When I ask author James Lee Burke whether the rumor is true that he’s finally written a novel devoted to his brawling, beloved character Clete Purcel, he laughs heartily and pumps his fists in the air.
A lot of readers are going to have the same reaction.
Clete has been the faithful sidekick to Burke’s best-known character, Dave Robicheaux, through 23 bestselling novels. They were “the Bobbsey Twins from Homicide,” then became freelance detectives in the territory around New Orleans and New Iberia, Louisiana, and points west.
Clete is a big man with big appetites and few boundaries, his wild sense of humor the counterpoint to the often serious Dave.
“I don’t know how many people over the years have said to me, write a Clete book,” Burke says during a Zoom interview from his home in Montana. “So I thought a lot of readers would buy the book. I hope they like it.”
They will have to be patient, though. Burke has two other books being published before that one, and a fourth completed for afterward. He’s 86 years old and has already published 40 novels and a couple of short story collections. Might he be ready for a rest?
“Oh no, I never rest.”
His latest novel, “Flags on the Bayou,” publishes July 11. All of Burke’s books have been haunted to some extent by the Civil War, but this time he sets the entire book in New Iberia in 1863, during the Union occupation.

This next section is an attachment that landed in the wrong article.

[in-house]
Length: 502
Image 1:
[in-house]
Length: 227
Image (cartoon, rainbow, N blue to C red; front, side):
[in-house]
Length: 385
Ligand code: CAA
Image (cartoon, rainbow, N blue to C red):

It’s been two decades since he last set a book, “White Doves at Morning,” during the war, and a few of its characters reappear.
But he was moved to write this one, he says, by current events: “When people can start wearing a T-shirt that says ‘Six million is not enough,’ we’re in trouble.”
Burke says, “This is what’s difficult to make people understand: The Civil War was never over.
“We make jokes in the South, these damn Yankees. They’re spreading rumors that they won the Civil War. But it’s far more complex.”
He says that he never forgets something Civil War historian Shelby Foote said: “You cannot look at the mid-19th century with 20th century eyes.”
So in the novel, he says, “I tried to show that era through the eyes of nine individuals. There are enslaved women; there are what are called bluebellies.” There is also a young man from a wealthy plantation-owning family, a beleaguered constable, a crazed guerilla commander and a Northern-born abolitionist. “On both sides, the most honorable and the most dishonorable.”
Some historical figures appear, but most of the characters, he says, are aggregates. He borrowed the story of one of them, he says: an enslaved woman named Hannah who is searching for her little son, Samuel, whom she lost while cooking for soldiers at the battle of Shiloh.
If those names ring a bell, Burke says, “I hate to admit this, but I’ve been stealing from the Bible. I’m afraid down the track they’re going to say, you’re the guy who’s been stealing our stuff!”
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His own childhood on the Gulf Coast was steeped in stories of the Old South and Civil War battles. “My great-grandfather went up Cemetery Ridge. It was July, 95-degree heat, uphill for 40 minutes, they were tearing down fences as they went. In 40 minutes, 8,000 men were dead or dying.”